411 Fact or Fiction Music 12.14.12: One More Shot
Posted by Joseph Lee on 12.14.2012
Did Metallica do the smart thing by letting their music appear on Spotify? Will we be watching the Rolling Stones concert PPV? Should PSY be forgiven for his anti-American past? 411's Chad Webb and Jeremy Thomas debate these questions and more in this week's Fact or Fiction: Music!
Welcome to another edition of Fact or Fiction: Music. I'm your host, Joseph Lee.
This week we have Chad Webb against Jeremy Thomas.
Okay, so we're back on the "attack someone for their lyrics" bus now? Actually, let's put that a little bit more accurately...we're back on the "attack someone for their lyrics from a song that they performed almost a decade ago in response to an exceptionally emotional and volatile situation involving another country's military" bus now? There are so many things wrong with the criticism of him for this that I barely know where to begin. Let's start with this: if this was an American singer who performed a song in which the singer calls for the deaths of South Korean military members because an American got killed as a result of the conflict between North and South Korea, no one in the US would be complaining about this. It's only because the shoe is on the other foot. When Ted Nugent said that Barack Obama should suck on his machine gun, people on FOX News defended him; when Zach de la Rocha said that the Bush administration should should be hung and tried and shot, the left defended him. This is the same sort of situation.
Add in to all of that the fact that he was in his mid-twenties (and, like all people in their mid-twenties, prone to saying stupid things). He apologized immediately and unequivocally, so anyone who has any potential issue should accept it and move on. Personally, I would have been fine with him standing by his statements as socially-motivated statements of his youth that he no longer believes in, but the apology was the icing on the cake. Let it go, people; there are much more important things to be outraged by.
Chad Webb: FACT.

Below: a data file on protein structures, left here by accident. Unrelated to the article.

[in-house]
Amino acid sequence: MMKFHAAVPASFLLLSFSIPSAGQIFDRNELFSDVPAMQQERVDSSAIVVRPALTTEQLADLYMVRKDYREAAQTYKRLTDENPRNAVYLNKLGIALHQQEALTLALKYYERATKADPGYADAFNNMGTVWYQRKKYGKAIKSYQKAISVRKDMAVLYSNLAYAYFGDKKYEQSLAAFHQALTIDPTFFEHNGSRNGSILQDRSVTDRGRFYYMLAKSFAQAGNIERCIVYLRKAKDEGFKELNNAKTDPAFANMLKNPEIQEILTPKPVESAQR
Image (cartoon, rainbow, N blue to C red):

Let's lay out what happened here. In 2002 he contributed to a song called "Killer," which was a response to the war in Iraq after two South Korean schoolgirls were accidentally killed by the US military. Later in 2004 he performed a protest song called "Dear American," which included lyrics such as killing "Yankees" painfully and slowly. The fact is, the war in Iraq brought out passionate opinions in everyone and though it may be a shock to some, not everyone is in love with the USA. PSY has since apologized for the language he used. All I know is I can't speak for everyone. On one hand, he had the right to say what he wanted. Certainly Americans are familiar with rap artists who spout lyrics about killing people. To pretend otherwise is ridiculous and somewhat hypocritical. However, that does not mean I have to like what he said. Other artists have strong opinions and manage to deliver lyrics that aren't so blatantly offensive. I can't say I was a big fan of PSY before this. His song "Gangam Style" is catchy and fun, but I won't be spending money on it. I won't say he shouldn't be forgiven either. I lost a little respect for him for sure, but I won't be picketing his concerts or anything. Some have said that his apology was genuine and we should move on. I agree that it's possible that he sincerely regrets his comments. I hope that's true. He could also be telling us what we want to hear so his career lasts longer because America is a big market and he doesn't want to burn bridges. I think it's odd that this news is getting mainstream attention now. He has a hit on the charts for awhile, but now someone drums up this controversial old song to ruin PSY's reputation? Weird timing. I'll be amazed if this doesn't cement his "one hit wonder" status though. The fact is this stuff does happen and if we believe in "freedom of speech," we can agree that PSY had the right to say what he did. But we also have the right to say the track is disgusting. There is no forum where people can decide if he should be forgiven, so what does it matter? In interviews he seems like a decent enough guy, so yeah I can forgive I suppose, but I also won't be waiting on the edge of my seat for another hit track from him either.